We’ve come a long way since hybrid cars were a punchline on South Park. What began as a niche way of lessening a car’s impact on the environment has become increasingly common. In fact, we are getting closer to a world that primarily uses electric cars. Hybrids are no longer an idea that only excites climate activists.
However, that does not mean everyone is on board. While most of us care for the environment, we’re not necessarily ready to sacrifice our finances for it. The impression is still that hybrids are more expensive to drive and insure than traditional cars even with the savings on gas.
The good news is that this is no longer entirely true. In fact, hybrid cars can now be better for your bottom line than traditional cars. Here’s why.
It is first important to mention that, while hybrids cost far more than traditional cars in the past, this is no longer the case. Hybrids are still around $4,000 more expensive than their traditional counterparts. But that is only if you are comparing the same model. If you specifically want a hybrid and do not mind shopping around, hybrids are far more affordable than they once were.
Even if you take the $4,000 extra as a rule of thumb, this does not add all that much to your monthly payments if you are buying through a loan. Still, this does not make a good case for hybrids being cheaper! Rather, that comes from just about everything else hybrid-related.
It is in terms of gas that the regular savings become most clear. Hybrids use significantly less fuel than a traditional car, and if you go by the average mileage incurred by drivers, you will spend over $500 less in fuel with a hybrid. Whether these savings are significant to your balance sheet depends on you. However, since you can save money while benefiting the environment, this already begins to show the value of a hybrid.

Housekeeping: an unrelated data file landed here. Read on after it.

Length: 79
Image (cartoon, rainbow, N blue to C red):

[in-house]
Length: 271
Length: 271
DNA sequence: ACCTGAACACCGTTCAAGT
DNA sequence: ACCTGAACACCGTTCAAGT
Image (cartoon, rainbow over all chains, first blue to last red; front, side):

But what about other expenses? Let’s take a look at insurance.
Insurance on a hybrid car is necessarily more expensive, as they are more expensive to replace than their traditional counterparts. However, this does not mean you will be paying that much more for hybrid car insurance. Why? Well, insurance companies are providing incentives for hybrid drivers.
For example, you may get big discounts simply for driving a hybrid. If you keep your mileage low, these discounts become more significant. Insurance is also now more calibrated towards the needs of hybrid drivers, covering things like charging stations, portable chargers, and even roadside assistance in towing your car to the nearest charging station in case of a breakdown.
You won’t pay less for hybrid insurance than traditional insurance, but the differential won’t hit your pocket particularly hard and definitely will not offset the savings on gas.
Another reason buying a hybrid can be good for your bottom line is that you receive tax incentives. When you purchase a hybrid, you receive a tax credit, with incentives worth between $2,500 and $7,500. This offsets part of the extra expense on the purchase price of the hybrid.
Maintenance is generally seen by hybrid skeptics as the biggest financial concern. Because hybrids are more expensive, it is thought that maintaining, repairing, and replacing parts will be more expensive. However, this is not the case at all.
Since hybrids have fewer moving parts than traditional cars, some studies report that hybrid drivers spend half as much on maintenance than drivers of traditional cars. Furthermore, hybrid batteries are becoming cheaper and longer lasting. Most hybrid batteries today come with a warranty for the first hundred miles, as hybrid batteries are expected to last beyond that point. Since most people trade their cars in before they reach one hundred miles, you probably won’t ever replace your battery. Driving a hybrid is no longer only good for the environment. It is good for your bottom line too. While the purchase price is necessarily higher, and insurance will cost a little more, there are many incentives that offset any extra costs.